It may surprise you to learn that San Diego has one of the most effective solutions to hunger at our fingertips. It’s called CalFresh, a program that is designed to uplift families by ensuring people receive the sustenance they need, enabling them to focus on working toward self-sufficiency. That’s a big deal.
But thousands of families in San Diego County who are eligible for CalFresh don’t use the program. Why? There are a few reasons, but a major cause is that decades ago, CalFresh was called “food stamps.” These two words conjure up a storm of stigma, stereotypes and misinformation powerful enough to keep families struggling with hunger from applying for this food assistance.
While the connotations of food stamps have always been based in myth, today they are further from the truth than ever. The reality is that after decades of improvements and technology upgrades to the program, CalFresh has become one of the most effective, wide-reaching strategies we have for bringing food to the plates of people who don’t have enough to eat.
We invite you to learn these facts about CalFresh and share them with your friends and family. If we remove the harmful stigma of CalFresh and build awareness of its benefits, we will be one step closer to ensuring no one in San Diego has to go to bed hungry.
What exactly is CalFresh?
CalFresh is simply a monthly supplement to a household’s food budget. On average, the program offers $4.38 per person, per day disbursed to a debit card (called an EBT card) that can be used to purchase a limited category of food products (no tobacco, alcohol, toiletries or hot foods). Households with incomes at or below 200 percent of the federal poverty line should apply to see if they qualify for the program.
CalFresh is the California name for the federally funded program called SNAP (Supplemental Nutrition Assistance Program) at the national level. It is the more advanced, modern and effective iteration of “food stamps.”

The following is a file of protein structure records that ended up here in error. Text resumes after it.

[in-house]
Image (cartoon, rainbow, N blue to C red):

Does it work?
Like a charm. On average, households in San Diego County enroll in CalFresh for just under two years before moving towards food security. CalFresh changes lives – just ask Jim.
What’s the problem?
Only an estimated 67 percent of eligible, food-insecure people in San Diego County are enrolled in CalFresh. Enrollment rates are low because of barriers like social stigma, lengthy application processes and lack of awareness.
To fix this, San Diego Hunger Coalition leads the CalFresh Task Force, a group of over 50 organizations including the San Diego Food Bank and others, working together to improve our CalFresh enrollment systems. By leading research, education and advocacy efforts among a wide range of hunger relief partners in San Diego, the Hunger Coalition builds a more effective and interconnected system of food assistance resources to help families access the food they need.
What are some myths about CalFresh I can help debunk?
Myth: CalFresh has high rates of fraud.
Fact: CalFresh has one of the most rigorous quality control systems and the lowest fraud rates of any public benefit program, less than 2%.
Myth: Applying for CalFresh can impact my immigration status.
Fact: Applying for CalFresh does not affect your immigration status or your application for citizenship in any way. Legal permanent residents are eligible for CalFresh immediately in California, and receiving benefits will not hurt your chances of becoming a citizen. Similarly, if you are an undocumented immigrant and apply for CalFresh on behalf of your citizen children, your immigration status will not be shared with authorities. Confidentiality is strictly enforced at all CalFresh offices.
How can I make a difference?
Share the facts with your friends and family on Facebook and Twitter. If you think a friend or neighbor may qualify for CalFresh, tell them that many community-based organizations like San Diego Food Bank are able to help them through the enrollment process. Click here for more information on these agencies.